The electronic devices 14 may include any of a number of electronic devices having electrical circuitry. In one embodiment, the electronic module 10 is a diesel engine control module (ECM) having electronic devices 14 that operate at high power levels and generate relatively high amounts of thermal energy. Examples of electronic devices 14 may include control electronics that implement enhanced diesel emission controls and may include one or more semiconductor devices or packages, such as transistors configured to provide controlled switching operation, operate as a diode, provide voltage regulation or perform various other functions. The electronic devices 14 may be fabricated semiconductor chips, such as a flip chip die/device with solder bumps or wire bonded connections that are electrically and/or physically coupled to the underlying substrate 13. The electronic devices 14 may also include passive and active circuit components. Further examples of electronic devices 14 may include field effect transistors (FETs), isolated gate bipolar transistors (IGBTs), power inverters, DC-to-DC converter, DC-to-AC converter, power resistors, power diodes and other devices. The electronic devices 14 generally generate thermal energy (heat) when conducting electrical current during operation. The circuit board 13 can also generate heat itself via electrical conduction losses and benefit from thermal contact with the housing 12 as shown in
The electronic module 10 is further configured to include a fluid coolant opening or chamber 16 that generally extends through the upper housing member 12A between a fluid coolant inlet and an outlet. In the embodiment shown, the fluid coolant chamber 16 does not extend within the compartment containing the electronic devices 14, but instead has its own fluid flow chamber in heat transfer relation to the electronic devices 14. As shown in
The fluid coolant chamber 16 generally receives a fluid coolant that passes through the chamber 16 in thermal communication with the housing 12 so as to exchange thermal energy (heat) and thereby remove thermal energy from the electronic module 10. According to one embodiment, the fluid coolant is liquid diesel fuel supplied from a fuel reservoir tank onboard a vehicle. According to this embodiment, the diesel fuel may pass through the fluid coolant chamber 16 to cool electronics in heat transfer relationship with chamber 16 and then may be passed to the vehicle engine for use as fuel to power the engine or may be recirculated to the fuel reservoir tank, according to a vehicle application. According to other embodiments, the fluid coolant may include other liquids such as hydraulic oil, motor (engine) oil, engine coolant, such as ethylene-glycol antifreeze solution, alcohol and water. According to further embodiments, the fluid coolant may include a refrigerant that may be in a gas state and/or liquid state, such as FreonŽ or refrigerant 134. It should be appreciated that according to some embodiments, the fluid coolant may be a fluid that is used primarily by the vehicle and as a secondary use is utilized to exchange heat from the electronic assembly 10.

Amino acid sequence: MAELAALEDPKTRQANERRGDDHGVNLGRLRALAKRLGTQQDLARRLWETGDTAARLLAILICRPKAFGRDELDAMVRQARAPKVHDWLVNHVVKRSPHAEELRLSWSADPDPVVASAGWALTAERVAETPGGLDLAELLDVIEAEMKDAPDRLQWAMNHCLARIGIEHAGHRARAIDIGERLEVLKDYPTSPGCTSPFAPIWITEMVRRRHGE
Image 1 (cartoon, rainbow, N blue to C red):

Disposed within the fluid coolant chamber 16 are first and second thermal cooling inserts 20 that serve as baffles to disperse the fluid coolant as it passes through chamber 16 and transfers thermal energy to the fluid coolant medium. The first and second thermal cooling inserts 20 are made of a thermally conductive material, such as aluminum or aluminum alloy, that conducts thermal energy (heat) and creates a large surface area over which fluid coolant passes to exchange the thermal heat from the housing 12 to the fluid coolant where it is transferred to an outside environment.
The first thermal cooling insert 20 is disposed in one end of chamber 16, within the generally conical shaped portion 18 of chamber 16. The second fluid cooling insert 20 is disposed in the opposite end of chamber 16, also in the generally conical shaped portion 18 of chamber 16. The thermal cooling inserts 20 are baffles with a bi-directional coaxial geometry that generally have plural (e.g., three) outer surfaces that generally conforms to the generally conical shaped portion 18 of chamber 16 so that the outmost surfaces engage the chamber 16. The inserts 20 may be easily inserted into the chamber 16 at either end and forced sufficiently into place in contact with the inner walls of the generally conical shaped portions 18 of chamber 16.
Once the thermal cooling inserts 20 are disposed within the opposite ends of chamber 16, first and second outer end fittings 30 and 32 are connected to the housing 12. According to one embodiment, fittings 30 and 32 may be threadingly engaged to the housing. Provided in the first fitting 30 is an inlet port 31 that receives the fluid coolant that passes into chamber 16. Similarly, provided in the second fitting 32 is an outlet port 33 through which fluid coolant exits the chamber 16. The fittings 30 and 32 may further include hose clamps or other connectors for allowing connection to hoses or other fluid delivery mediums.
Referring now to